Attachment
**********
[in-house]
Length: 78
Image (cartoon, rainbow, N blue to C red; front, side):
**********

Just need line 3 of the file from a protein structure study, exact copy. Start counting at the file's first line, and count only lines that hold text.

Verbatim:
Image (cartoon, rainbow, N blue to C red; front, side):